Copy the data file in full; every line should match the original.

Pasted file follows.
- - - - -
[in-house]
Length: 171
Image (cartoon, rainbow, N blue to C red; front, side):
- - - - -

[in-house]
Length: 171
Image (cartoon, rainbow, N blue to C red; front, side):